Ladies and gentlemen, Jean-Pierre Jeunet, ringleader of vaudeville extraordinaire, has done it again! Come one, come all to see this magnificent troupe of outstanding oddities and this time, our simple and loveable folk are taking on the big guns, and quite literally they are taking down artillery manufacturers. Come see this show’s Grimm twist of ye olde tale of tragedy and conflict with evil MNCs and unassuming victims with vendettas. You are in for a steam-punk treat.
The self-aware Jeunet establishes a tentatively serious note for this revenge story; he opens with a man meandering through the sandy Arab desert before the camera pulls back to a birds-eye view of a violent explosion that blows him apart. There is a swing back to the family afflicted by this inordinate death, and we are introduced to a young Bazil. As the camera eye continues to project from the point-of-view of this little boy, we are brought back to Jeunet’s familiar playfulness despite the underlying morbidity of the sins of wealthy industrialists and terrorism.
Shortly after, we meet the grown-up Bazil (Dany Boon), recumbent on his armchair with squeezed cheese hanging from his mouth, reciting verbatim the dialogue while watching “The Big Sleep”. For a laconic man, his uncanny ability to recite from film scripts numbers one of his many quirks. Bazil reminds us of another Quentin Tarantino film nerd. Unsurprisingly, Bazil clerks a video store until his shot in the head from a stray bullet, later discovered to belong to one of two artillery corporations responsible for his father’s death. After losing everything during his convalescence from surgery with a silver bullet in his brain that can kill him at anytime, Bazil meets Placard while street performing for change. With a compassionate hand, Placard leads Bazil to Tire-Larigot, the junkyard home of cast-away belongings and cast-away people. Beneath the soot and rhythmic pangs of mechanical productivity, this new home feels a bit like the cottage of the Seven Dwarves and Dany Boon does make a charming Snow White with Nicolas Thibault de Fenouillet and Francois Marconi as his banishing evil stepmothers. While this film is a little too goofy and colorful to be a proper noir, with the evil corporations placed across the street from each other and Bazil’s hallucinations obtrusively edited into the narrative, the perilous atmosphere and artful exploits are just as intense.
As the others in his outfit of misfits show up and become accomplices in his vendetta against the two arms manufacturers, we find each and every one just as darling and spectacular as the last. A Jeunet film never feels proper without Dominique Pinon and so we have Fracasse as a Frankenstein of metalwork and very proud human cannonball. Calculette (Marie-Julie Baup) is the human calculator of everything measureable. Remington is a stenographer who speaks in quips, cultural slogans and French puns. Bazil’s later love interest, La Mome Caoutchouc, is a spunky contortionist somewhere between “a bad girl and a tomboy”. Petit Pierre acts as the Geppetto for their junk heap of mechanical puppets. As mother and chef for everyone in this ragtag house of colorful orphans, there is the loving Tambouille.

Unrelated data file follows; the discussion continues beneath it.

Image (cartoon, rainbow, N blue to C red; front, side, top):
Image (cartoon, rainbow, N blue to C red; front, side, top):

Even with the witty and loveable cast, the film has very much to say (and many puns to deliver that may be lost on the English audience) and we get no more than a one-liner for each character’s biography and a busy resume of the troupe’s quirky talents. Despite these foibles while not much is physically said by the characters, much of the charm is won by their exaggerated facial expressions and discourse of bodily movements reminiscent of Charles Chaplin and other mimetic actors of the silent comedy era.
Among the ideas tenuously juggled in this helter-skelter of misadventures, one that sets the teeth on edge is why, when their equipment repeatedly failed in the middle of the film, disclaim that it's because it's all scrap anyways and not follow through with that awkward refrain. Jeunet appears to suggest an allegory for the characters’ imminent failure due to their “scrapped” nature. If we're expected to anticipate the failure of their campaign, fans of Jeunet's films know better. When has he not delivered a fairy tale ending? He might as well devote more time bemusing us with a number of his other charming traits. The chimney references to “Delicatessen” are delectable and his slap-stick humor is contagious!
For his revenge, Bazil orchestrates an intricate scheme to frame Thibault and Marconi as belligerent rivals in a series of scandalous and physical assaults. The antics come one after another with all deliberate speed and you feel like you’re tagging along a car chase with Guy Richie. Following the climax, there is a very public unveiling of their guilty pleas presented from the terrified perpetrators' perspective and from the makeshift reality of their Abu Graib-style capture and interrogation. However, when you consider the simplicity and silliness that led to the breaking points of the villains and third-party bad guys such as the African rebels, the story arch falls as flat as the Iron Man movies in handling the same subject. In addition, the ending does disappoint the promethean impulse when the silver bullet, we'll call it Bazil's poison apple, never ends up killing him and the initially hapless hero ends up with the girl. Although I am an avid fan of fairy tale narratives like those of Wes Anderson films, the five-year-old in me found their final kiss scene gagtacular. Despite the flat note, I'd say for the fairy tale charm, the wonderful jokes and crafty feats, send in the clowns!